In 1913, then New York Mayor William Gaynor created a stir when he sarcastically called an elevated line, proposed for the sparsely populated Elmhurst, Jackson Heights, and Corona communities, as the ‘cornfield line.’
In 1923, the Star-Journal crowed that he would be surprised at the ‘crop’ of single and two family homes as well as apartment buildings that had all but covered those communities in the intervening decade. Single family homes of six or seven rooms went for $9,000 to $11,000 while larger two-family home of brick, frame and stucco construction were priced between $12,000 and $20,000.
In 1923, on Roosevelt Avenue alone, more than 100 stores and upper story apartments were built. The largest apartment building, “The Queensboro,” accounted for 200 of that year’s 1,700 apartments.
Several hundred residents of Queens presented to the Board of Estimate a petition signed by 10,000 people urging the construction of a subway along Queens Boulevard between Long Island City and Jamaica. The communities of Woodside, Winfield, Elmhurst, Nassau Heights, Richmond Hill and Maspeth were represented by sixteen organizations.
On Dec. 14, the head of the Brooklyn Ash Removal Company, Charles Murphy, responded with stony silence when the district attorney’s office questioned him on the company’s failure to address the community’s concerns that the “smoky, smelly fly-infested” Flushing Meadow dump was a public nuisance. Among other things, ash cinders and coal, sawdust, broken crockery, street sweepings, oyster and clam shells, sewer catch basins, old shoes, mattresses, bottles, paper, carpets, straw, pruned shrubs, horse manure and stable refuse were legally dumped there.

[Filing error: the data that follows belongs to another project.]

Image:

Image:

The Queens Grand Jury investigation to conditions of the Corona dumps wanted to know why, despite numerous complaints, the Board of Health seemed to be powerless to take action on this problem. Of particular concern was the rumored connection between Murphy and business partner James Gaffney, Kings County Clerk and a chief of the Tammany Hall political machine.
Christopher Clarke, chairman of Flushing United Association took the stand and testified that after five weeks of constant urging, the Board of Health brought up a case against the company not as a public nuisance but as a simple case of pollution from a railroad and factory. His anger was targeted in particular at a health inspector who took the stand during the hearing and made apologies for the company.
On a more positive note, on Dec. 15 the public has its first chance to see renderings for the new Queens Boulevard. Clifford Moore, consulting engineer for Queens borough, likened the highway to the great avenues of the world: Avenue des Champs-Élyées of Paris or the Grand Concourse or Eastern Parkway in New York. Four rows of shade trees (a total of 10,420 saplings), along with special lanes for trolleys, a center limited access road, and two outer service roads would make the highway a state of the art transportation corridor.
Between Van Dam Street and 48th Street, a three track viaduct would carry the elevated train (today the 7 line), while underneath would be a right of way for two trolley lines. Between 48th Street and Union Turnpike, the road was to be 200 feet wide before narrowing to 150 feet between Union Turnpike and Hillside Avenue.
To avoid interruptions from construction, all conduits would be placed under the side service roads.
For further information, call the Greater Astoria Historical Society at (718) 278-0700. Visit our website at www.astorialic.org for your holiday shopping.